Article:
• The ureter is a tubular, muscular structure that originates from the renal pelvis and travels retroperitoneal and anterior to the psoas muscle towards the bladder. It courses medially then crosses over the iliac vessels and travels along the pelvic sidewalls before turning anteriorly and medially to enter the fundus of the bladder.
  • There are three natural anatomic narrowings of the ureters:
    1. The ureteropelvic junction, as the renal pelvis narrows to become the ureter
    2. The crossing of the iliac vessels, due to external bending and compression
    3. The ureteral vesicular junction, due to intrinsic narrowing
  • The muscular bladder lies just posterior to the pubis and anterior to the rectum (males) or uterus (females).

III. Scanning Technique, Normal Findings and Common Variants

Sonographic Technique for Kidney and Ureter

  • A 2- to 5-MHz curvilinear probe is used to scan the kidney and bladder.
  • For the right kidney, have the patient lie supine and place the probe in the right lower intercostal space in the midaxillary line.
    1. Use the liver as your sonographic “window” and aim the probe slightly posteriorly to visualize the kidney.
    2. Gently rock the probe (up and down or side to side) to scan the entire kidney. If needed, you can have the patient inspire, which allows for subtle movement of the kidney inferiorly.
    3. Obtain longitudinal (long axis) and transverse (short axis) views. On longitudinal view the kidney will appear football-shaped and on transverse view the kidney appears C-shaped.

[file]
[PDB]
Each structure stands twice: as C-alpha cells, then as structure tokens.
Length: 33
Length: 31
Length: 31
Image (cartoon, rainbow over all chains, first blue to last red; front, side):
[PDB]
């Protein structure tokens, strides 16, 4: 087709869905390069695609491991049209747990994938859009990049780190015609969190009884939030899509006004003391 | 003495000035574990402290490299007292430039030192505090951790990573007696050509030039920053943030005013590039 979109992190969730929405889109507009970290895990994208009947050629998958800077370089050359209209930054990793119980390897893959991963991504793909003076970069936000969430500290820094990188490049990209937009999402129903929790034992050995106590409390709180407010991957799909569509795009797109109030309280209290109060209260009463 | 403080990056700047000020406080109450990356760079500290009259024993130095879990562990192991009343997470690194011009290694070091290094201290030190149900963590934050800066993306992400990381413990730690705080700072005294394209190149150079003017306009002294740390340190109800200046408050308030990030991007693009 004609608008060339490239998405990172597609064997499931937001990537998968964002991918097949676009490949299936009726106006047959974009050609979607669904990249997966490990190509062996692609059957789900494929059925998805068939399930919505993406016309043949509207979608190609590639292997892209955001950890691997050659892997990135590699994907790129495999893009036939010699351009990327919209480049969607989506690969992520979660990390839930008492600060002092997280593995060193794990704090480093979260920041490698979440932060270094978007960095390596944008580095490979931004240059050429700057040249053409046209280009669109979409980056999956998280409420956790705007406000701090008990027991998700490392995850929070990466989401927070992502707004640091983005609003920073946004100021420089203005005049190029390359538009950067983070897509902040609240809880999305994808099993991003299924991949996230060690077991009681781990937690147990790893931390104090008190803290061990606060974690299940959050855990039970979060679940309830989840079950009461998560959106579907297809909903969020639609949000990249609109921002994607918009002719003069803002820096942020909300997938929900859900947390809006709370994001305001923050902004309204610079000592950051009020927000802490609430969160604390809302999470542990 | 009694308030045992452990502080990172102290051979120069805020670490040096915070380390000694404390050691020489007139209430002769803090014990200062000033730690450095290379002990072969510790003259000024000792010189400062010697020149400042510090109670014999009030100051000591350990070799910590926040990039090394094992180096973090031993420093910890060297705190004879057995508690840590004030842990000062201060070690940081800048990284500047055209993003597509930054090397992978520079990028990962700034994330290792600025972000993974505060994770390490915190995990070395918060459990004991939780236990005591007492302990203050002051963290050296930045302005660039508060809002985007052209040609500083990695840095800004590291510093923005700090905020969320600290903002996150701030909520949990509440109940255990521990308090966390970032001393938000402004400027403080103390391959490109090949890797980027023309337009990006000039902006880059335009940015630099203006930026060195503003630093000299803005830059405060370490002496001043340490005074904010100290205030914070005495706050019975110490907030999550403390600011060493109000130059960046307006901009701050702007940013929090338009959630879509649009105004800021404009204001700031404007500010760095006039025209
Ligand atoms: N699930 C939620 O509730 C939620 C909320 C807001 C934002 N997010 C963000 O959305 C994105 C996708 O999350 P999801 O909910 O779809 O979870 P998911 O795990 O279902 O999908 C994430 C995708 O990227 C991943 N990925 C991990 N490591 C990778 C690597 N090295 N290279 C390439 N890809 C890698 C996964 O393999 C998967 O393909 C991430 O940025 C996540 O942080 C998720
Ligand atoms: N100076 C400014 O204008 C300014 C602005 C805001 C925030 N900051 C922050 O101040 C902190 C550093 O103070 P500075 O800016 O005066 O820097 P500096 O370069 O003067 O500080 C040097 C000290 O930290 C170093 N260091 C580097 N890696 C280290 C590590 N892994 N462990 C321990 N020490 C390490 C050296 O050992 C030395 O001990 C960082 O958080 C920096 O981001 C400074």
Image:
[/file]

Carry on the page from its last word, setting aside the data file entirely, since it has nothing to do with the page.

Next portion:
4. Video 1. Longitudinal view of normal right kidney

    5. Video 2. Longitudinal view of normal right kidney

    6. Video 3. Longitudinal view of normal right kidney

    7. Video 4. Transverse view of normal right kidney
  • For the left kidney, have the patient lie supine or in the right lateral decubitus position. Place the probe in the lower intercostal space on the posterior axillary line. The placement will be more cephalad and posterior than when visualizing the right kidney.
    1. Gently rock the probe to scan the entire kidney.
    2. Obtain longitudinal and transverse views.
  • Always scan both kidneys for comparison.

  • Video 5. Longitudinal view of normal left kidney

  • Video 6. Longitudinal view of normal left kidney

  • Video 7. Transverse view of normal left kidney